''In effect, each of the children was viewed as a piece of potential evidence ,'' Judge Mahady elaborated. ''They were also held hostage to the ransom demand of information from the parents.''
What does this all add up to? A national conspiracy to wrest children from their homes and parents and put them under public control? A thrust by government to undermine religious practices and family ideals?
No, this type of suspicion is unfounded. The very fact that public and private voices are openly calling for restraint, reason, and balanced judgment is a healthy sign.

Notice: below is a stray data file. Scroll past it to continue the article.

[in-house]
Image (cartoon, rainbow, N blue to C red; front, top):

Verne Voss, Pastor of the Lutheran Church in Jordan, has a proper - and regenerating - prospective. The Rev. Voss says he has seen some of his parishioners go to jail on suspected child-abuse charges. And he is isn't ready to prejudge guilt or innocence. He'll leave that to the courts.
''But if indeed we have this situation, it may be due in part to a permissive society,'' he adds. He calls for a turning away from glamorized sex and self-gratification. Further, he counsels his flock: Don't listen to rumors; don't spread rumors; and assume innocence until guilt is proven.
Good advice for all of us!